In today’s Chicago Sun-Times, you can find my review of Percival Everett’s I Am Not Sidney Poitier. And it’s rather fitting that much of my review ended up as a list of rhetorical (and possibly unanswerable) questions.
As it so happens, just after filing the review and being wowed by the book, I learned that Everett happened to be in New York. And I was able to set up a rare interview with him (which will be airing as the next episode of The Bat Segundo Show, to be released very soon). Everett, who has avoided nearly every form of marketing for his books*, and who declared to me that he had no interest in the business of publishing or catering to an audience, identified his book as a “novel of ideas.” But I Am Not Sidney Poitier is also steeped in an old-fashioned sense of humor. Here’s a brief excerpt from the forthcoming Segundo installment, in which Everett explains the relationship between these two concepts:
Everett: There are no rules. I don’t believe in any rules when it comes to fiction. If I can make you believe it, then it’s fair game. Probably when I’m working, if I can make myself believe it, then it’s fair game. Because I don’t know what you’re going to believe. And it depends on the work. A novel like Not Sidney, where much of it is more a novel of ideas and the narrator is of a certain sort, can make bizarre perceptions or representations of the world and have the one-dimensional county of Peckerwood County. Whereas in other works, that simply wouldn’t work. So the work talks to me. The most important part of the story is the story. And I can’t impose my feelings or my desire to write a certain kind of thing that day on it.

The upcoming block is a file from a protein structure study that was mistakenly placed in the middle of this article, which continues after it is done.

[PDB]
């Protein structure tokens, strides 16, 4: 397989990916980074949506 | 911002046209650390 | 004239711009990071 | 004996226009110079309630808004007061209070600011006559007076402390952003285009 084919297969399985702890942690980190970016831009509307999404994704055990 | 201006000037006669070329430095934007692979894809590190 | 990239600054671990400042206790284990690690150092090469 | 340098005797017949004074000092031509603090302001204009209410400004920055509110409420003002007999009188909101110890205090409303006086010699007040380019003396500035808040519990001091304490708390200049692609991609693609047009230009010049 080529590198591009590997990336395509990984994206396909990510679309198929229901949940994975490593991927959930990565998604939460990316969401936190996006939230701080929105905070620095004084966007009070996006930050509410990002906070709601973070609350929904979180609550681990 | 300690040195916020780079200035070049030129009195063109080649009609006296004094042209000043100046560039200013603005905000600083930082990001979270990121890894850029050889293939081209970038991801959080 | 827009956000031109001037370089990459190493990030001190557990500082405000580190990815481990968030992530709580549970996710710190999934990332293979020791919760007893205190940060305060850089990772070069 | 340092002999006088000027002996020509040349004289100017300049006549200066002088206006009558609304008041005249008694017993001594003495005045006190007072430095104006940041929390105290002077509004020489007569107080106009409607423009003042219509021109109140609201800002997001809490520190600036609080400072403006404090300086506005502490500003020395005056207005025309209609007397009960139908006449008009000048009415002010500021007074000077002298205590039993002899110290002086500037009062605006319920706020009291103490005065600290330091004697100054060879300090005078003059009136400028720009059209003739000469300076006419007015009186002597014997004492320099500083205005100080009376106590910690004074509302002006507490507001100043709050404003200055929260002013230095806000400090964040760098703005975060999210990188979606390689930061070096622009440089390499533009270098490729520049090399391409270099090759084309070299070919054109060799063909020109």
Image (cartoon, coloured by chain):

Correspondent: But in identifying Not Sidney as a novel of ideas, I would argue — and this is where we get into needless taxonomy arguments. But I should point out that you are essentially saying, “Well, this is a novel of ideas.” And maybe the story itself will matter on some basic entertainment level.
Everett: Oh no. The story still matters.
Correspondent: Okay. But I’m curious how committed you are to this idea of the “novel of ideas.” If it’s entirely a construct, should we believe in it entirely or should we believe in the ideas?
Everett: Well, if I’ve done it right, you should believe in it entirely. And superimposed upon this is the narrator’s concept of this being a story of ideas. But you can’t have — and this is not a rule, but, for me, I cannot have a novel where the story is secondary to anything. The world has to exist. And so I have to make it. And I have to make it believable. How I do that can vary and come across in any different number of trajectories or strategies or whatever.
* — This may answer, in part, Gregory Leon Miller’s query this weekend on why Everett’s work hasn’t received the attention it deserves.